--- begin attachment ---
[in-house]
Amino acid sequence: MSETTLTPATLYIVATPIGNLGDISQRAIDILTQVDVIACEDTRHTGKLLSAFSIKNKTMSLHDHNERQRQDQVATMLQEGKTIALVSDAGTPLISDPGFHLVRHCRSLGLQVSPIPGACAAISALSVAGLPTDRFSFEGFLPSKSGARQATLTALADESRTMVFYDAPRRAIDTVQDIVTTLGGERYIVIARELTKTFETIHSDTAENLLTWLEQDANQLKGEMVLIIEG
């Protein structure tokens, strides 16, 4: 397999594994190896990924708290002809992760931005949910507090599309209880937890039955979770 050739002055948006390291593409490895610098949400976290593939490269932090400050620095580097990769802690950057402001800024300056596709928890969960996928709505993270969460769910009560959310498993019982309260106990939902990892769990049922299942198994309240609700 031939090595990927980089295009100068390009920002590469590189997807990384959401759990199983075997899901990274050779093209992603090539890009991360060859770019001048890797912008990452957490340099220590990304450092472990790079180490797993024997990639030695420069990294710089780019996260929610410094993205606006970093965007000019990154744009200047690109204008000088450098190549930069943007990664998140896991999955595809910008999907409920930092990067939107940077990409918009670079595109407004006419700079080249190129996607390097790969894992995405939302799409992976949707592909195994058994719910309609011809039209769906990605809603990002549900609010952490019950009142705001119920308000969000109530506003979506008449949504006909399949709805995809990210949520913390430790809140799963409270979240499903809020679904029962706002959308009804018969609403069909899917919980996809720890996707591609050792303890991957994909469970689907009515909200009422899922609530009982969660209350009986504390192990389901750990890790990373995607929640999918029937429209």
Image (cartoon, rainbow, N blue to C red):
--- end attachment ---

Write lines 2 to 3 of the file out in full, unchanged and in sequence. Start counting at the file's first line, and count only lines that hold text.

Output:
Amino acid sequence: MSETTLTPATLYIVATPIGNLGDISQRAIDILTQVDVIACEDTRHTGKLLSAFSIKNKTMSLHDHNERQRQDQVATMLQEGKTIALVSDAGTPLISDPGFHLVRHCRSLGLQVSPIPGACAAISALSVAGLPTDRFSFEGFLPSKSGARQATLTALADESRTMVFYDAPRRAIDTVQDIVTTLGGERYIVIARELTKTFETIHSDTAENLLTWLEQDANQLKGEMVLIIEG
């Protein structure tokens, strides 16, 4: 397999594994190896990924708290002809992760931005949910507090599309209880937890039955979770 050739002055948006390291593409490895610098949400976290593939490269932090400050620095580097990769802690950057402001800024300056596709928890969960996928709505993270969460769910009560959310498993019982309260106990939902990892769990049922299942198994309240609700 031939090595990927980089295009100068390009920002590469590189997807990384959401759990199983075997899901990274050779093209992603090539890009991360060859770019001048890797912008990452957490340099220590990304450092472990790079180490797993024997990639030695420069990294710089780019996260929610410094993205606006970093965007000019990154744009200047690109204008000088450098190549930069943007990664998140896991999955595809910008999907409920930092990067939107940077990409918009670079595109407004006419700079080249190129996607390097790969894992995405939302799409992976949707592909195994058994719910309609011809039209769906990605809603990002549900609010952490019950009142705001119920308000969000109530506003979506008449949504006909399949709805995809990210949520913390430790809140799963409270979240499903809020679904029962706002959308009804018969609403069909899917919980996809720890996707591609050792303890991957994909469970689907009515909200009422899922609530009982969660209350009986504390192990389901750990890790990373995607929640999918029937429209």